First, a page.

The first picture was the Ebay posting, the second photo was my own shot, same camera, and the third is from Berndt, which is a slightly different body version of the Comet S, they did fiddle with the design, all cast aluminium polished finish on the originals.
The Comet is lovely, as is the Vivo tripod. I saw one in a box of old rubbish at a house clearance sale and bid £3 for it, and got it. The tripod is perfect, the large box of old plates and cups and other junk went in the nearest bin. It was my lucky day.
I wish I had taken some pics of my camera when it arrived. Corroded, dirty, greasy, depressing. Leatherette was moldy and falling off. It hung over the bin for a moment before I decided to see what was beneath the dirt. Chrome that was so thick it was still bright and shiny. Recovered it with leather from my wife's old purse. Never loaded it but at least it is preserved for someone in the future. That's good enough for now.
Am I detecting the thought that the Bencini might not have been the height of Italian Cameras design? It certainly is not A Rectaflex or Ducati, and was referred to in the photographic trade as good desk paperweights.......it was a make that the shop never bought for secondhand sale, unless in a box of assorted old cameras!... but I like the style! Stephen
or via Babylon for your amusement...
Devo rilevare che la Bencini potrebbe non essere stato all'altezza del design italiano le telecamere? Non è certo UNA Rectaflex o Ducati, ed è stato denominato in commercio fotografico come bella scrivania fermacarte.......è stato un fare che il negozio mai comprato di seconda mano vendita, a meno che non in una scatola di vecchi cameras! assortiti... ma mi piace lo stile!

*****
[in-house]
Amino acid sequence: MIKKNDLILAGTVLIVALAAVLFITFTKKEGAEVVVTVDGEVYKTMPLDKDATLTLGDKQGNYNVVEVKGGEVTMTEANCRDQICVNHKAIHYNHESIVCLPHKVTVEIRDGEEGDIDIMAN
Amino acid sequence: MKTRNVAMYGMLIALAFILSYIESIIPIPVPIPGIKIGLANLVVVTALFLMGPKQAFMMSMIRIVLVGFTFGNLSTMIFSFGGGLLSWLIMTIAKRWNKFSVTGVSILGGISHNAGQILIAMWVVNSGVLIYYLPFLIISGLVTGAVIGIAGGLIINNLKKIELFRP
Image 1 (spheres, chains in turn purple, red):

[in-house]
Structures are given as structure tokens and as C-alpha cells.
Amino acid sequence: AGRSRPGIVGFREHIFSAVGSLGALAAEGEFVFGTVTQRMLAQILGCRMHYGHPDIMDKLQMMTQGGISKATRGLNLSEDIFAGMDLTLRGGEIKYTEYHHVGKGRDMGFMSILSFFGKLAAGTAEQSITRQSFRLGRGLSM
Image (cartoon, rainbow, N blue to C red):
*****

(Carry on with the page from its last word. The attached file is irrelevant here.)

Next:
Don't take the postings too seriously, we English tend towards ironic comments! The Bencini cameras were successful after all, and "Boots the Chemist" chain in the UK marketed them for ages. I think the little 127 is the best of the bunch, it has a charm of it's own. ...and I can't afford Ducati!.....
Last Edit: Jun 27, 2013 17:16:05 GMT -5 by Stephen
I picked one up from the bargain basket at Real Camera for £3. The leather is peeling off. I took off the front and cleaned the glue off. I think it looks beautiful all shiny and naked. The back is painted black and has a plate over the film windows (riveted on) so the back will have to remain black. As yours does it works perfectly. I may put a length of 35mm film in it to try it but the focusing is jammed. Looks easy to get into though.
Last Edit: Jul 25, 2014 14:18:55 GMT -5 by philbirch
I'm looking at the photo above of my Comet. It is a simple camera, one speed guillotine shutter, 2 apertures and simple front cell focusing. But the design is beautiful, the ornate moulding and the lovely shiny chromed aluminium is completely un-necessary. This is Italian styling at its best. Of course it's from Milano.
See my photo of the Letucini. the artist says she was inspired by the simple yet stylish lines of the 50's Bencinis.
The more I look at these, the more certain I am I got one from Boots for my last years at school around 1950, and possibly into National (=Military) service. At some time I graduated to another 16 on 127, or a 35mm, camera with a small bellows that folded out at the front.
Yes Boots sourced cameras from Bencini through the 60's but not a 127 model, they sold the 'Boots Koroll II' a camera with a similar appearance to this. They would have sold the early Comets under Bencini's name in the 50's. The 'Comet' name stayed with the 1960's 126 cameras.